Russian Asylum

In the Soviet era, it was a little easier for Russians fleeing persecution to get protection in America, but there are still many people fleeing Russia because of persecution, and many of them are still able to apply for asylum in the United States.

Russian asylees in the US fled Russia for reasons such as political repression, persecution of ethnic and religious minorities, and discrimination against lesbian, gay, bisexual and transgender people.

Political Persecution

Russia does have elections, but they are generally considered to be neither free nor fair. People who have spoken out against powerful political or business figures often end up detained and/or persecuted. The prison conditions are terrible, and many people end up dying in them. Free speech is limited, as journalists, activists, and broadcast networks are put under enormous scrutiny by the government if they speak out. The band “Pussy Riot” became internationally famous due to their prosecution for expressing criticism of the state church.

In recent months, the United States has become increasingly critical of how the Russian government restricts the role of and harasses international human rights organizations.

Discrimination

There are widespread reports of societal discrimination in Russia, leading to many Russians fleeing and applying for asylum in the United States.

Women face some significant problems in Russia. Rape is widespread and rarely reported. Domestic violence is very common, and police usually do not report it. Russia is a destination country for sex tourism, and sex trafficking is a huge problem for women. In some parts of the country, honor killings occurred, which is when a family kills a woman due to their belief that she has been immoral and dishonored the family.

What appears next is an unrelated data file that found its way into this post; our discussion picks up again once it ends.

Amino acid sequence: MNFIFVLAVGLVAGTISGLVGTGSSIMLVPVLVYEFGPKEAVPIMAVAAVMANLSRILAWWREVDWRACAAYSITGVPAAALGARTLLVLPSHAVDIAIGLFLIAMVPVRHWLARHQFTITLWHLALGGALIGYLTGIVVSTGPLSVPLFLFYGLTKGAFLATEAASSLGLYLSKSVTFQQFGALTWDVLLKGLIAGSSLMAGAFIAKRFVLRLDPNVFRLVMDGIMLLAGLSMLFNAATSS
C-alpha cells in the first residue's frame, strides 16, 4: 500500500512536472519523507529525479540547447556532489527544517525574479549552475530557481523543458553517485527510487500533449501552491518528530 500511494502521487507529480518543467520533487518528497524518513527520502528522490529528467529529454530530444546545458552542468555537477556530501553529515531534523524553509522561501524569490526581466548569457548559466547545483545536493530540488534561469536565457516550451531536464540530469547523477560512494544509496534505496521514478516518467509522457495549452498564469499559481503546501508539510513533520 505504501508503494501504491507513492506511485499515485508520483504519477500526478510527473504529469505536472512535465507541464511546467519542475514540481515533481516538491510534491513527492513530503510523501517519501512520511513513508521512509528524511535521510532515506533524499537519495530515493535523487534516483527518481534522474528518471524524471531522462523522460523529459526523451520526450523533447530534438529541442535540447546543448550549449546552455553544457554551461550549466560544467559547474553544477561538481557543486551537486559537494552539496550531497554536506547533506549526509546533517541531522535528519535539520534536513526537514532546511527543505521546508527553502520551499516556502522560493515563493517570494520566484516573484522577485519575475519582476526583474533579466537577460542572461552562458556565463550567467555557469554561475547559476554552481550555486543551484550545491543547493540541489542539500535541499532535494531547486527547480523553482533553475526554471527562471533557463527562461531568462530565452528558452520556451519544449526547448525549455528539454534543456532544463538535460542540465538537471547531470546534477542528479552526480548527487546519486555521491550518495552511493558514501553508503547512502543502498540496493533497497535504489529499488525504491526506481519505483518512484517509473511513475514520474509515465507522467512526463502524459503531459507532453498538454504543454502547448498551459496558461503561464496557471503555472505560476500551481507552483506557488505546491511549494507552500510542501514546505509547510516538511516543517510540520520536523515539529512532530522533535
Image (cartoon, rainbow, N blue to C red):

Anti-Semitism is a problem in Russia, although it is improving. There are several violent attacks directed at Jews per year. Some Russian Jews face such frequent and extreme anti-Semitism that they have been granted asylum in the US.

Ethnic groups from Central Asia, Roma, dark skinned people, and foreigners often face racism and discrimination in Russia. Violence by skin heads and neo-Nazis is a problem. The government has made significant efforts to combat this, which will be taken into account for any asylum case.

Lesbian, gay, bisexual and transgender (LGBT) people face significant discrimination. It is common for gay people to be denied medical treatment or police protection from attacks. Moscow has continuously denied a gay pride parade, while allowing rallies that call for the criminalization of homosexuality.

Discrimination is common against people with HIV/AIDS. There is a law against it, but that law is rarely enforced.
Between political persecution by the government and societal discrimination, there are many reasons why someone from Russia would be afraid to return to or remain in the country. If you are Russian and are afraid of being there, New York Human Rights Committee may be able to help you. Call us at +1 (800) 560-1768 today. We are available 24/7.